My hope is that when I get home from this trip, I'll be able to store the wheelchair and not need it for a very long time, if ever. But it is nice to know that I have it if I need it. So I'm thankful for my wheelchair, even though it would be so much better to not need it at all.

Saturday, December 5, 2020

When Someone With Anxiety is Getting Ready to Visit the Boyfriend's Family for the First Time

Two weeks from tomorrow we'll be on the road. So many emotions are going through my head... fear, excitement, anxiety, hope, and a myriad of others. You see, for the first time in the 3 1/2 years since I met my boyfriend, we are going to visit his family for Christmas.

When he first told me he could get off work and that we were going, I was excited. His parents still live in the house he grew up in - and I've wanted to see it. He has a huge, close family and I've wanted to meet them. Plus it's a chance to do something different for Christmas and get out of town, which is a huge treat because of being home so much due to COVID.

Then the anxiety started. He made an offhand comment about how his sister doesn't like anybody... it's the first time I realized I might not be liked by his family. When we first planned it, COVID issues should have no longer been a factor... they still are.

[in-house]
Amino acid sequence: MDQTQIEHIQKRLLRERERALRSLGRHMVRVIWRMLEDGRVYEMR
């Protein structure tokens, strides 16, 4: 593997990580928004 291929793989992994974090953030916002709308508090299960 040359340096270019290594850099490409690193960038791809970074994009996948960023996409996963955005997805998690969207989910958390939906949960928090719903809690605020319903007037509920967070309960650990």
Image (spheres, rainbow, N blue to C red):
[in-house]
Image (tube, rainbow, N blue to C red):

The worries multiplied... What were we going to do each day? Where were we going to stay? Will my ankle handle the activities planned? Will my mental illnesses get in the way? What about my weight - will that be an issue? How will I deal with my new meal plan in the midst of lots of food and also not wanting to draw attention to myself?

I'm thankful that the work I've been doing with therapy, support groups, and my sponsor kicked in. I decided I needed to be proactive concerning the trip. I'm so proud of myself for both realizing that and for actually taking those steps.

For one thing, after discussing it, we decided that we needed to drive instead of fly as well as stay in a hotel instead of with his family. 

There are many reasons driving makes more sense to me as someone with anxiety. For one thing, my car is an extension of home. It's something familiar when almost nothing will be familiar for eight days. 

It's also practical - both on a general level and concerning my anxiety issues. I'm very overweight so with some cars the seatbelts are tight. I won't have to worry about that embarrassing and safety issue if I have my own car. 

This will also give me somewhere to escape if I get overwhelmed with his family. He has a large, loud, multigenerational family and I know enough about myself to know that the noise could be hard to deal with. Having my own car gives me a place to go - either to just sit in the car for a while or to head back early to the hotel if needed... without inconveniencing anyone.

Staying at a hotel gives me even more of a chance to breathe. I don't have to have "guest behavior" every minute if I have a space I can relax in. Even though I know the family is sincere when they say that it's not a bother to stay with them, I'll still feel that I am intruding. Until I get to the point in my recovery that I truly accept that I'm not always in someone's way, this is a great way to deal with those feelings within myself.